A study of the effect of intravenous immunoglobulin (IVIG) on infections in patients with multiple myeloma receiving daratumumab indicated that hypogammaglobulinemia was nearly universal during treatment, suggesting a role for IVIG.
A study of the effect of intravenous immunoglobulin (IVIG) on infections in patients with multiple myeloma receiving daratumumab (Darzalex) presented at the 2020 American Society of Hematology Virtual Symposium found that hypogammaglobulinemia was nearly universal during treatment with daratumumab, suggesting a role for IVIG – especially in patients with recurrent infections.
In an interview with CancerNetwork®, Guido Lancman, MD, hematology and oncology fellow at the Icahn School of Medicine at Mount Sinai, explained the design of the study and what led him and his colleagues to perform the study.
Sure. So, to start off, daratumumab is a CD38 monoclonal antibody. It's been shown to improve outcomes in both relapsed, refractory, and newly diagnosed myeloma. And it's overall very well tolerated. But across phase 3 studies of daratumumab there's been a consistently increased signal of infections, particularly in the respiratory tract. And since daratumumab kills not only myeloma cells, but also normal plasma cells, it can lead to decreased production of antibodies or immunoglobulins, known as hypogammaglobulinemia.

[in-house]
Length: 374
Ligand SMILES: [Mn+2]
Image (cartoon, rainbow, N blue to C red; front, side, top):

So, in our study, we actually wanted to see if replacement of immunoglobulins with IVIG, intravenous immunoglobulin, would actually decrease infection rates in patients treated with daratumumab. So, what we did is we looked at all patients at our institution who got both daratumumab and IVIG, but multiple myeloma, so it was 43 patients. And what we did was we divided their time periods into times they were getting IVIG, which was from their date of IVIG administration, until 1 month after, that's approximately how long the effect lasts for, and then the time periods there were off IVIG. And so, we compared the infection rates during those 2 time periods.